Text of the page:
“Vaccitech,” a potential investor once said to Bill Enright during a meeting. “Must be a vaccine company. I don’t invest in vaccine companies.”
Enright, CEO of Barinthus Biotherapeutics (formerly Vaccitech) had a reply ready, explaining that Vaccitech had a number of therapeutic programs. But it was an easy mistake to make, especially after the company made headlines around the world as the co-inventor of the AstraZeneca COVID-19 vaccine.
That’s among the reasons the company changed its name to Barinthus Biotherapeutics in November.
“You don’t want to be ruled out just because of your name,” said Enright. “And that’s what I thought was happening,”
Vaccitech was founded in 2016 as a University of Oxford spinout developing immunotherapies and vaccines to treat infectious diseases and cancer by stimulating a T cell response. Among those technologies is a viral vector platform called ChAdOx.
Then in 2020, the company pivoted hard and fast, pouring its resources into developing what would become the Oxford-AstraZeneca COVID vaccine using ChAdOx.
“We’re going after diseases where we think T cells are going to be important.”
CEO, Barinthus Biotherapeutics
“With the COVID vaccine, we did get a bit of press, and so we didn’t want to take away from the spotlight,” Enright said. “But once we got through that, it was back to business as normal.”
The name change reflects what the company is now, he said. In Arthurian legend, Barinthus was a guide who helped King Authur navigate to Avalon to be healed after getting wounded in battle.
“That kind of resonated with our U.K. roots and the mythical characters of Oxford,” he said. “We’re focused on guiding the immune system to heal patients by stimulating T cells. There’s some parallels there that I think worked really well for us.”
The T cell factor
Barinthus Biotherapeutics is far from alone. Pharma companies frequently rebrand to declare a new future or to distance themselves from the past, David Paragamian, CEO of the healthcare communications firm Health Monitor Network and a pharma marketing instructor at St. Joseph’s University in Philadelphia, told PharmaVoice earlier this year. J&J is among the most recent notable examples.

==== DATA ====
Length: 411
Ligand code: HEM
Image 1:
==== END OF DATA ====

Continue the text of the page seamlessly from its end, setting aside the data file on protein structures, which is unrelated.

For Barinthus, the new name “more accurately reflects where the company is going and the success we’ve had on the therapeutic side,” Enright said.
One of its programs combines ChAdOx with doses of a Modified vaccinia Ankara (MVA) vector to produce a robust T cell immune response and help clear chronic infections such as hepatitis B and HPV.
According to Enright, the combination elicits “the best T cell response that anybody’s ever seen with any platform out there, bar none.”
“We’re going after diseases where we think T cells are going to be important to disease,” he said.
The company’s lead asset is a “potential functional cure for hepatitis B” that’s in phase 2 trials and combines ChAdOx and MVA.
“What we’ve shown so far is that we’re the first immunotherapy that’s actually shown a decrease in surface antigen — that’s the biomarker for HBV activity — and the first molecule that we’re aware of that’s shown a sustained reduction in surface antigens,” Enright said. “This is pretty novel and quite interesting to the field.”
The company also has clinical-stage programs in HPV and prostate cancer; a preclinical program in celiac disease; and partnered programs in MERS, zoster and non-small cell lung cancer, as well as the licensed COVID vaccine.
On the MERS side, Barinthus is working with the Coalition for Epidemic Preparedness Innovations and the University of Oxford to develop and stockpile a ready reserve of the MERS vaccine candidate, VTP-500.
“The goal here is to get this to a point where we can provide a stockpile so that if there is an outbreak we can vaccinate very rapidly,” Enright said.
It’s all part of the company’s focus on developing treatments that are both preventive and prophylactic.
“The autoimmune space is a pretty exciting area right now,” Enright said. “There’s a lot of interest there.”